The numbers: Total U.S. household net worth fell $5.4 billion to $149.2 trillion in the January-March quarter, the Federal Reserve said in its latest “flow of funds” report.
This is the first decline in net worth after seven quarters of expansion.
Key details: The value of corporate equities held by households, including indirectly, declined by $2.96 trillion in the first quarter. The S&P 500 index fell about 5% in the first quarter as the Fed launched its plan to tighten financial conditions to bring inflation down.
This was partially offset by continued gains in the value of real estate, which rose $1.6 trillion.
On the liability side, household debt grew 8.3% in the first quarter to $18.3 trillion, after an 8% rise in the fourth quarter. Mortgage debt rose 8% to $12 trillion. Non-mortgage credit-card debt rose 8.7% to $4.5 trillion, buoyed in part by auto loans.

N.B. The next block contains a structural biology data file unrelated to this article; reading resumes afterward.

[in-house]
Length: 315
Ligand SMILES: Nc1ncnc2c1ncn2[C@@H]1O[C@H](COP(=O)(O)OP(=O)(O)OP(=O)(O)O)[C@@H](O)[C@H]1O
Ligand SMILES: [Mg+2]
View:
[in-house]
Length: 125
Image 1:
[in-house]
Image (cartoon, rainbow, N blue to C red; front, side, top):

Total domestic nonfinancial business debt rose 8% to $18.9 trillion in the first quarter, up from a 6.8% gain in the October-December quarter.
Federal government debt increased 14.9% to $26.2 trillion in the first quarter, up from 10.6% in the fourth quarter. State and local government debt dropped 3% to $3.3 trillion after a 1.1% decline in the prior three month period.
Big picture: This is the first drop in wealth since the pandemic shut the economy, as the households received government assistance to protect the economy from a possible deep recession. Now the government is moving away from this stimulative stance. The financial well-being of U.S. households will be a key factor in whether the economy can withstand the sharp rise in interest rates planned by the Fed.
Market reaction: Stocks
turned lower in early afternoon trading on continued concern about higher inflation.